Tim Henman's reputation reformed by Amazon Prime TV and Emma Raducanu

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Tim Henman and Emma Raducanu
Tim Henman and Emma Raducanu

A truly great sporting moment captures our attention and hearts, and it is unsurprising that people want a piece of the story for themselves. Sometimes this can be opportunistic and tiresome, for instance people wanting to score their political points about Emma Raducanu’s heritage. But sometimes a figure at the edge of the picture rightly, humbly, receives some of the reflected glory. That has been the case with Tim Henman, whose part in this story has cast him in a fresher, kinder light.

The sporting public has had a mixed relationship with Henman for a long time now. In his playing days, he was saddled with a sort of very English support: at first, encouragement and happy surprise that the country, at last, had a Wimbledon contender. But this soured. Starting from 1998, he reached four semis there in five years, and the encouraging, hopeful “Come on Tims” took on a different tenor, changing into frustrated, peevish bellows of “Come ON Henman”.

It was as if the crowd and British sport was unable to contain its frustration with him. Why doesn’t he just win? He must be mentally weak. As if you could be ranked number four in the world, with all that weight of expectation in your home tournament, and be a bottler. Rain and an inspired Goran Ivansevic ended one challenge, but largely it was the unbeatable Pete Sampras who formed the rock upon which Henman’s hopes were dashed again and again. Henman was charged with being too nice, not ruthless enough, a bit of a wet lettuce. None of this was ever true or fair: he was extremely good, he just came up against someone even better. His generally sunny, kindly manner was held up as a weakness, particularly when cast in relief against Sir Andy Murray’s grim, sardonic grit. Nice but Tim.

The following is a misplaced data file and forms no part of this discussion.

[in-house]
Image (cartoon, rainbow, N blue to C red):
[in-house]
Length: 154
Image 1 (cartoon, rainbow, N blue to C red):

A post-playing career in the media has seen him potter pleasantly enough through cosy chats with Sue Barker and affable assessments of players, without ever really making the viewer sit up and take notice. One of the many pleasures, then, of Raducanu’s Saturday heroics was to see Henman so thrilled, so engaged, a part of her story, a mentor and a supporter at once. It was great sporting TV. It might be that the fresher Amazon environment, and the coverage has been excellent, brings more out of Henman than the comfortable, familiar BBC role.

With Murray and now Raducanu doing what Henman couldn’t quite manage, an unintended consequence has been a reappraisal of the Oxfordshire man, not as an also-ran but as a harbinger, a way-paver, a John the Baptist. It was fantastic to see him courtside, urging Raducanu on, and illuminating for viewers the magnitude of her achievement. He surely knows better than almost anyone alive just how hard it is. He has been modest about his own role in her story but it is not to be underestimated, nor is his influence on the British tennis players that emerged after his own retirement.

To list all the charming and inspiring things about Raducanu would take all day, but among her many qualities is a respect for her profession’s history and for those who came before. As she said: “It means so much to have Virginia [Wade] here and also Tim. To have such British legends and icons – for me to follow in their footsteps, it really helps and definitely gave me the belief that I could actually do it.”

Henman’s post-match interview with her was a lovely moment, as were the Amazon Prime Video shots of him pointing at her, saluting her. Channel 4, with 9.2million viewers, backed itself a winner here, and the impact for British tennis is incalculable. But, although he hasn’t asked for it, it has been heartwarming to see the outpouring of affection for Henman over the last couple of days: a decent person, a British sporting hero in his own right, and a big part of one the sports stories of the age. Come on Tim.

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